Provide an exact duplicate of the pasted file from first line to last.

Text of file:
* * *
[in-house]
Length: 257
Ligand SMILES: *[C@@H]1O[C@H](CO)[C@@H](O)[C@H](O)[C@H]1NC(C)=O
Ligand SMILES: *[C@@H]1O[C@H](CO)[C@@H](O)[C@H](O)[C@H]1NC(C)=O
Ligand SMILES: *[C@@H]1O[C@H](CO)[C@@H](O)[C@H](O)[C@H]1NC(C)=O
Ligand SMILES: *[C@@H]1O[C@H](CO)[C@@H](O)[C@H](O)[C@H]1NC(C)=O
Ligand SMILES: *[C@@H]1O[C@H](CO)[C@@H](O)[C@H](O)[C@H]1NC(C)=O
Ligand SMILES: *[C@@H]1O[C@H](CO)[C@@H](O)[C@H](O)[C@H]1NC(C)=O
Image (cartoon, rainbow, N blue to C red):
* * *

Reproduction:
[in-house]
Length: 257
Ligand SMILES: *[C@@H]1O[C@H](CO)[C@@H](O)[C@H](O)[C@H]1NC(C)=O
Ligand SMILES: *[C@@H]1O[C@H](CO)[C@@H](O)[C@H](O)[C@H]1NC(C)=O
Ligand SMILES: *[C@@H]1O[C@H](CO)[C@@H](O)[C@H](O)[C@H]1NC(C)=O
Ligand SMILES: *[C@@H]1O[C@H](CO)[C@@H](O)[C@H](O)[C@H]1NC(C)=O
Ligand SMILES: *[C@@H]1O[C@H](CO)[C@@H](O)[C@H](O)[C@H]1NC(C)=O
Ligand SMILES: *[C@@H]1O[C@H](CO)[C@@H](O)[C@H](O)[C@H]1NC(C)=O
Image (cartoon, rainbow, N blue to C red):